Why the Street Is Wrong on Hunger Games: Catching Fire

Why the Street Is Wrong on Hunger Games: Catching Fire

The film industry still looks to be in fairly good shape, although apparently not as good a shape as some analysts had hoped. Lions Gate Entertainment's sequel to "Hunger Games," "Catching Fire," cleaned up at the box office. However, opening weekend sales fell short of the Street's expectations, sending the stock down around 10%. Still, the initial figures from the movie look pretty solid. What's in store for the film studio as well as relevant peers, IMAX and Time Warner ?

Opening weekend
"Catching Fire" brought in around $161 million for its first weekend in the US and Canada, which was slightly more than the $146.6 million the original raked in. However, the film's release did set the record for the most successful November premiere ever, which is definitely a bit of good news for the studio.

While sales were quite impressive, they fell shy of the company's own estimates, as well as those of many analysts. Some were putting projections for the US opening weekend at between $170 million and $180 million, which, to be fair, is a tough number to beat. In any case, Wall Street's reaction to the figures seems a little overdone.

IMAX's stock did quite a bit better compared to the savage beating received by Lions Gate, rising slightly on the day of the report. IMAX theaters grossed $12.6 million with "Catching Fire" domestically, earning the company the record for highest three-day domestic premiere. Internationally, IMAX brought in around $18 million.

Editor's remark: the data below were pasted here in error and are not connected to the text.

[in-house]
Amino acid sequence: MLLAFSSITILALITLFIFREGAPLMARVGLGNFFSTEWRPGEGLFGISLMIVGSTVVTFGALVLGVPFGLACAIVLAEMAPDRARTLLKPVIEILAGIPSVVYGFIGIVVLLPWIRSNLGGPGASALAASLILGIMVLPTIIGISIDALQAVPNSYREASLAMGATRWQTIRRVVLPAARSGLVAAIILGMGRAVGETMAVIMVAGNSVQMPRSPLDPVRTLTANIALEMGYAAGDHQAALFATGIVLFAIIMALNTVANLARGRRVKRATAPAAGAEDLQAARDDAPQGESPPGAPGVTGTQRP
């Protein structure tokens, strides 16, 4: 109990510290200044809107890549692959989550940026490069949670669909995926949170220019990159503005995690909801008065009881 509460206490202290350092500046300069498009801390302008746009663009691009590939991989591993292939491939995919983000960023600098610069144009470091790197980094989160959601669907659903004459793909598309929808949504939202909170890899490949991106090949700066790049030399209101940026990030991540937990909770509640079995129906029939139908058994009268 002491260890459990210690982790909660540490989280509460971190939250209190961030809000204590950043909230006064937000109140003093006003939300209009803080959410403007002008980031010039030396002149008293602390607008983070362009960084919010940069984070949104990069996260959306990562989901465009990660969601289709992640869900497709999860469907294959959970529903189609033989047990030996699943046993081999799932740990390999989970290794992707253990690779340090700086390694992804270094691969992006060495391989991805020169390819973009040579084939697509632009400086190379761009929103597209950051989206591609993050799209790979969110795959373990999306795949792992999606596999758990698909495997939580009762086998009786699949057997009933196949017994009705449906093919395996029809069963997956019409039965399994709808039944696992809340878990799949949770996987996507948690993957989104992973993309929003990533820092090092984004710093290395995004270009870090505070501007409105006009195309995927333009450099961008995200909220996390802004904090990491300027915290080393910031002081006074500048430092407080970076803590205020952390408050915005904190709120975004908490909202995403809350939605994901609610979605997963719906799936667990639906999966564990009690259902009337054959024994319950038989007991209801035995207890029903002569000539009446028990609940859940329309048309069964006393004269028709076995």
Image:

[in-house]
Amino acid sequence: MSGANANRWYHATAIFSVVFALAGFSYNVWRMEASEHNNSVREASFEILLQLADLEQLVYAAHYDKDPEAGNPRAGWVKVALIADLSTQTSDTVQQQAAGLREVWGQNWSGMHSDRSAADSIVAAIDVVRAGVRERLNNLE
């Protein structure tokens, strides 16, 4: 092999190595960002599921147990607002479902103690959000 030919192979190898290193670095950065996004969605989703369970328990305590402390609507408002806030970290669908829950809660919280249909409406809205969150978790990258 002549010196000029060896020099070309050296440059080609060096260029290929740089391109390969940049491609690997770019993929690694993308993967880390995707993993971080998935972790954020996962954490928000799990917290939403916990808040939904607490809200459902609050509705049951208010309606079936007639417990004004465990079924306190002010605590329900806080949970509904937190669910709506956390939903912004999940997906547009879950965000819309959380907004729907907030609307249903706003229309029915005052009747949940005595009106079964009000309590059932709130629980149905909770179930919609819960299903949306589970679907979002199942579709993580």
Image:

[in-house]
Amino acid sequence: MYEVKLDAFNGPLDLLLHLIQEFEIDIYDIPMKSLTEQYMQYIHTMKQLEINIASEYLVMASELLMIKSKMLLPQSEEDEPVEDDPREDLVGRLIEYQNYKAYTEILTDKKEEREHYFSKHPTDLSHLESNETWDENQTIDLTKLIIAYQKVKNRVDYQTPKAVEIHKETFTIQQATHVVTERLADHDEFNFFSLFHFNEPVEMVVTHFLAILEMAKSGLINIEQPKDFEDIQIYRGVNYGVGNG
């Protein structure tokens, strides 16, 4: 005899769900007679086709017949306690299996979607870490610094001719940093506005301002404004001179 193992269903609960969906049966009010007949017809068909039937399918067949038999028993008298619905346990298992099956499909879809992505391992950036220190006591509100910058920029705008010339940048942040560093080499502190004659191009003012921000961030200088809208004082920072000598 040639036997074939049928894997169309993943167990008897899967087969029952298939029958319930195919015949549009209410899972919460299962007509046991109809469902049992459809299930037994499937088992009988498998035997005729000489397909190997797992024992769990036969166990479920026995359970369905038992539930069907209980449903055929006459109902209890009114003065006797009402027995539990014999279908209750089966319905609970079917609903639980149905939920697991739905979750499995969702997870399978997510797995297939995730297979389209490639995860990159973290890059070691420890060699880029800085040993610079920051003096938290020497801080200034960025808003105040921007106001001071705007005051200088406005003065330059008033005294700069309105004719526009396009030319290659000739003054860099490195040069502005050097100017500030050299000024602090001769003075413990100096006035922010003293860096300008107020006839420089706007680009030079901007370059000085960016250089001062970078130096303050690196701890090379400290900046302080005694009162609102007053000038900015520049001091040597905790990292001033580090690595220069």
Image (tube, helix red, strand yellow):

International sales key
According to many industry analysts, international grosses will prove crucial to the film's success. The company is hoping to break the $1 billion mark, a feat which only 17 movies have achieved so far. In any case, the initial worldwide numbers look very encouraging, with international sales of $146.6 million from 63 foreign markets; far higher than those of its predecessor.

With considerably less money to spend on international marketing than larger competitors such as Time Warner, the movie's international performance is quite impressive. Time Warner, for example, has an established set of distribution operations in most countries, but Lions Gate had to create its own network, coordinating operations across various geographic regions.

It's a funny sort of a market where a record-breaking opening weekend sends a stock tumbling 10%, but that seems to be the situation. According to some analysts, there is no particular reason for "Catching Fire" to have done substantially better in its opening weekend than the first part of the series. Additionally, the opening weekend sales were not too far short of Rentrak's $166 million projection, and initial numbers from Britain especially look encouraging.

As such, it may have been the Street's lofty expectations of the film, rather than its actual box-office performance, which sent the stock tumbling. Still, Lions Gate shareholders don't have too much to complain about. The stock is up more than 80% year-to-date, although it seems to be getting a bit pricey at around 20 times forward earnings. This is certainly higher than Time Warner's forward ratio of 15.6.

The bottom line
Wall Street's high expectations for the sequel to "Hunger Games" may have been what made the stock tank after the initial sales figures. Its opening-weekend performance was quite formidable, and the company is possibly looking forward to some fairly solid international sales. While the stock seems pricey at the moment, momentum from strong international grosses could cause some further upside for Lions Gate as well as IMAX.

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The article Why the Street Is Wrong on Hunger Games: Catching Fire originally appeared on Fool.com.

Daniel James has no position in any stocks mentioned. The Motley Fool recommends Imax. The Motley Fool owns shares of Imax. Try any of our Foolish newsletter services free for 30 days. We Fools may not all hold the same opinions, but we all believe that considering a diverse range of insights makes us better investors. The Motley Fool has a disclosure policy.

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